MainSpring point-of-sale services link
BY ROBERT EVATT World Staff Writer
Saturday, July 07, 2012
7/07/12 at 4:58 AM
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Cash registers have long since given way to what are called point-of-sale systems, which refers to the devices at restaurants and retailers that ring up purchases. Increasingly, they're connected with other customer and business databases such as inventory, gift certificates and Internet sales.
Tulsa-based MainSpring provides local point-of-sale services as a partner with NCR, a nationwide POS manufacturer.
MainSpring co-owner Paul Moore answered a few questions about the company from the Tulsa World.
What type of point-of-sale systems do you use, and what local companies use them?
We focus on specialty retail, rather than restaurants. Some of the local companies include Drysdales, Southwood Landscape and Nursery, the Philbrook and Gilcrease museums, Camera Gallery and Complete Nutrition.
When you first started working with point-of-sale in 1985, what were the systems like?
Back then it was all green and yellow screens. The scanning devices were pretty limited, but you had to use them because there were no mice and no touchscreens.
Trying to link them up with inventory systems was very difficult, because you were trying to make two completely different systems talk to each other. In fact, only large retailers had any kind of nationwide integration back then.
What are some of the latest developments when it comes to the technology?
Many of our customers are integrating Web interfaces. They want to have their systems connected to an online store, or accounting systems, or a time-tracking system. For instance, if you have 50 stores and you're not sure the mall store is getting open on time, you can get the system to send you an alert if it isn't open when it should be.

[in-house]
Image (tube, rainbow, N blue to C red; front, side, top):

We're also starting to add the ability to check people out with iPhones. If you want to do a sidewalk sale, you can just check them out with your phone, rather than dragging larger equipment out there.
How has MainSpring kept ahead in this business, especially when there are 110 retail partners for NCR alone?
When we first started doing this in the '80s, we originally decided to keep our focus on a single product rather than try to support multiple systems. That way there's no right hand-left hand situation with our customers.
We've also paid close attention to running our company and kept a close eye on our finances.
With my background, I also like to blend IT and accounting. So many small businesses aren't good at the day-to-day details of running things, so we can give them a hand.
What was the thinking behind your recent acquisition of Renversement LLC, a company based in Atlanta with four employees?
They focus on creating custom applications for the NCR CounterPoint line. They obviously have developed a specialty around the products we sell and service, and they provide technical skills that enhance CounterPoint.
They're also a great fit in terms of logistics, since they're located in Atlanta, along with NCR's headquarters.
Small, but significant
Despite having a number of large employers, Tulsa actually is a small-business town. About 94 percent of all employment in the metro area is at businesses that have 100 or fewer employees, according to the Tulsa Metro Chamber. And, many of those firms are very small. Approximately 80 percent of total employment is at businesses with 10 or fewer employees.
Owners: Paul Moore, Carolyn
Date established: 2007. Moore
had worked with point-of-sale
systems for CPA firm Pettis &
Moore since 1985.
Address: 7645 E. 63rd St.
Workforce: 14. Growth to 20 by
year’s end is planned.
Description: Provides point-ofsale,
or POS, sales, installation
and services in Oklahoma,
Kansas, Missouri and Nebraska
as a partner with national
manufacturer NCR, and can
develop custom uses of the
software and hardware as
clients require. POS includes
everything from restaurant
and retailer checkout terminals
to integration with local
or national inventories, gift
cards, membership systems
Original Print Headline: Retail made easier
Robert Evatt 918-581-8447
MainSpring's co-owners - CEO Paul Moore and Carolyn Christman, chief financial officer - have their company serving four states. JAMES GIBBARD/Tulsa World